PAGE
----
After Cardiac's skull-crushing performance came the most emotional part of the evening. Tim Wilson's father and brothers were in attendance and tonight Tim's ILDM vest was retired and presented to them as a lifelong memento. Boss Man led the ceremony, holding the vest high as a mournful honky tonk dirge played and all members of the audience, including myself, raised their drinks to the memory of the fallen brother. Tim's dad had some heartfelt words to say, stating that he knew the club was a big part of his son's life, and tears were seen on many faces in the crowd, especially from those who knew Tim best. I know the general public looks on bikers and metalheads as scum of the earth...well, something like this shows that they are among the best and most faithful people around. Tim got a great send off from the packed crowd tonight.

After the ceremony, the beatings continued...and who better to deliver them than WACO JESUS? This is yet another band I first experienced live at a Thanksgivng Bash. They can grind as massively now as they did back then, maybe even more so. These guys have been known to put on quite a humorous show, with props and spoofs of hair metal aplenty, but tonight they were all business and churned out track after track of to the point porno grind. Lead singer Shane Bottens barks out vile lyrics like a pit bull on crack and perhaps it is just as well I don't know what he is talking about. They've got a new album "Mayhem Doctrine" out and all fans of primal grind should check it out.

Seeing murder metal masters Macabre in the extremely intimate setting of Rock Hollow is nothing short of totally surreal. There is litterally no separation between the band and the fans, you are right on the floor with them. I can't imagine Macabre have played too many places like this in their 30 year career. Well, the club was packed with fans who knew their music inside and out and while their set was rather brief, it was intense and performed with full gusto. These dudes are so amazingly normal looking and down to earth...Corporate Death was wearing a Dr. Who 50th Anniversary shirt in honor of that momentous event. Dennis The Menace put on a brutal drum clinic just warming of the guys next to me said his warm up routine was more intense than most drummer's full sets. I agree, Dennis is one of the most unsung skinsman in the biz. Bassist Nefarious also looked very unprepossessing.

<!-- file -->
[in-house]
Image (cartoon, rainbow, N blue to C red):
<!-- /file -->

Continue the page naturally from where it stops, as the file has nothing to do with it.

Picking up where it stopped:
When C-Death started muttering "Zodiac" under his breath, we all knew what tune was gonna open the set. I starting yelping "ZOOODIAAACCC!" along with a couple of other dudes and we were off and running. Boy, Macabre is fun to watch and listen to, if you have a taste for morbid death.  I love the droll narration Mr. Death provides for each track, detailing the hideous activities of the killers he sings about. We got "Three Men In A Tub" about Dahmer taking showers with dead bodies, "Nero's Inferno" about the deprivations of the Roman emperor and the awesome downtuned crunch of "The Hitch-Hiker". A nice break came when the band played the mellow (but macabre!) tune "The Cat Came Back", which was dedicated to Tim's memory. These guys are multi-talented and as Death told us, they've actually been together since 1981, though "only" using the Macabre name since 1985. That's an amazing amount of time for the same 3 dudes to be working together. The band actually got an encore, where they played "The Vampire of Dusseldorf". The whole crowd helped with the opening nursery rhyme of "I'm gonna kill you..."

Wrapping up the evening was Chicago's premiere Slayer cover band Hell Awaits. These guys know what the fans like...they raged through a lot of OLD Slayer with a great deal of fidelity. There was still enough of a crowd around after Macabre to whip up a pit and from what I could see, they could a good response. I didn't see the entire set, but begged off early.

This was more than a concert or even a heavy metal social event for me. It was one of the best nights out I've had in a long time. Believe me, Dr. Mality may talk like an egomaniac who runs the world, but the real truth is, 95% of the time, I'm a total zero stuck in a dead end job nobody cares about. On a night like this, I feel like I'm part of something. That's worth its weight in gold. Tonight we paid tribute to a fallen brother, raised money for a worthy cause, caught some great bands and all got to feel happy and contented for a while. That's what will keep me coming back to this event as long as they run it.